It may be possible to replace the standard cheese pizza on white flour crust with pizza smothered in spinach, artichoke hearts, and other vegetables on a whole wheat flaxseed crust. But the healthier pizza is more expensive, and fewer children may want to eat it. Hence many school districts walk a tightrope. School districts must increase the health content of their sales while trying to avoid any reduction in their financial viability. Eliminating the less nutritional items often means eliminating the meal budget’s highest margin items. Further, child patronage of the school lunch program is understandably dependent upon schools offering foods that students are familiar with and that they like, and that will satisfy their appetites.

Taking on the Myths of Child Mortality

Hans Rosling, whose fantastic animated-data talks have been featured here before, has a new one about child-mortality trends.

The video was timed to coincide with the release of Bill Gates's 2013 Annual Letter, which notes successful health reforms in Ethiopia and the importance of quality measurements.  "[A]ny innovation -- whether it's a new vaccine or an improved seed -- can't have an impact unless it reaches the people who will benefit from it," writes Gates.

A Better Way to Rank Colleges?

Amidst another scandal surrounding U.S. News and World Report's college rankings, economists Christopher N. Avery, Mark E. Glickman, Caroline M. Hoxby, and Andrew Metrick have proposed another option: rankings based on students' revealed preferences. Here's the abstract:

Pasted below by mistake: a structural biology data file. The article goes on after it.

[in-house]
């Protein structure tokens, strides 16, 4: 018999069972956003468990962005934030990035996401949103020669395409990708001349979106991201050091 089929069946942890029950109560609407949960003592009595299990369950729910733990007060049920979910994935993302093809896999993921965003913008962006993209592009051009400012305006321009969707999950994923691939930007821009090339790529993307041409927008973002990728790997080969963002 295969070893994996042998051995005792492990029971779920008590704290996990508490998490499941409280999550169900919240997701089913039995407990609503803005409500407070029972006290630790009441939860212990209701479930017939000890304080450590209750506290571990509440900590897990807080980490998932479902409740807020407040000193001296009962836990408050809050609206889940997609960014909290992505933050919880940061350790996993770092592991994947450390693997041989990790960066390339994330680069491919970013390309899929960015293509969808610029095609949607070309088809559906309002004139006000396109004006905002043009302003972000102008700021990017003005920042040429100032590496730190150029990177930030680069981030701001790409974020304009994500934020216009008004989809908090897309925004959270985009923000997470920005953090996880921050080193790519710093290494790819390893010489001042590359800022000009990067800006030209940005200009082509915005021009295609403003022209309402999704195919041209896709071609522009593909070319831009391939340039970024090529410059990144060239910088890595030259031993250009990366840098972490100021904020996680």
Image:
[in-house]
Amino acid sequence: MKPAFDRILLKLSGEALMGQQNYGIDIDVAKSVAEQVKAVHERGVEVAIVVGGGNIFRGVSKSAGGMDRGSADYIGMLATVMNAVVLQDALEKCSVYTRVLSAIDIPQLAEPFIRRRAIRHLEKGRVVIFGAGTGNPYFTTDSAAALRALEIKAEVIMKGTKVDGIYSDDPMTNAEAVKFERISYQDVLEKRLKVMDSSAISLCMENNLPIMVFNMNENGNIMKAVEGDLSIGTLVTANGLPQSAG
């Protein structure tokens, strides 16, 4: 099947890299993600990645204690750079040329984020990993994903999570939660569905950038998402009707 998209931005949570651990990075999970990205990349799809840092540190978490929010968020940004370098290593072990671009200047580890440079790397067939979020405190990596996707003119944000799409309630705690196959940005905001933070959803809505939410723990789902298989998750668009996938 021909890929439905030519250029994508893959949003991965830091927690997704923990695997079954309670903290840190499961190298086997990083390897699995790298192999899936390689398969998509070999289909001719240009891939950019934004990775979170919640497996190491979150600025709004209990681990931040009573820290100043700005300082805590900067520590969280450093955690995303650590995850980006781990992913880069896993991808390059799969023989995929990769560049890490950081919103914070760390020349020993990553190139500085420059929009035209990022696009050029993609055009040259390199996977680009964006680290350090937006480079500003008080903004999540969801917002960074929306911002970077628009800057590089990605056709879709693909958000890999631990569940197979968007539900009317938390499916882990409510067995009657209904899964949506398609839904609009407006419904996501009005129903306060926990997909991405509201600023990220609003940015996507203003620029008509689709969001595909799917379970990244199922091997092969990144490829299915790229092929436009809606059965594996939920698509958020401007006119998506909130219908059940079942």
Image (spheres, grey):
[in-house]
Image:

We present a method of ranking U.S. undergraduate programs based on students’ revealed preferences. When a student chooses a college among those that have admitted him, that college “wins” his “tournament.” Our method efficiently integrates the information from thousands of such tournaments. We implement the method using data from a national sample of high-achieving students. We demonstrate that this ranking method has strong theoretical properties, eliminating incentives for colleges to adopt strategic, inefficient admissions policies to improve their rankings. We also show empirically that our ranking is (1) not vulnerable to strategic manipulation; (2) similar regardless of whether we control for variables, such as net cost, that vary among a college’s admits; (3) similar regardless of whether we account for students selecting where to apply, including Early Decision. We exemplify multiple rankings for different types of students who have preferences that vary systematically.

How to Game a Grading Curve

Students in three of Professor Peter Fröhlich's computer programming classes at Johns Hopkins University recently devised a method to game their final grades.  Frolich grades exams on a curve -- the highest grade in the class, whatever it may be, becomes 100 percent, and "everybody else gets a percentage relative to it."  So students collectively planned a boycott:

Because they all did, a zero was the highest score in each of the three classes, which, by the rules of Fröhlich’s curve, meant every student received an A.

“The students refused to come into the room and take the exam, so we sat there for a while: me on the inside, they on the outside,” Fröhlich said. “After about 20-30 minutes I would give up.... Then we all left.” The students waited outside the rooms to make sure that others honored the boycott, and were poised to go in if someone had. No one did, though.

Catherine Rampell discusses the strategy: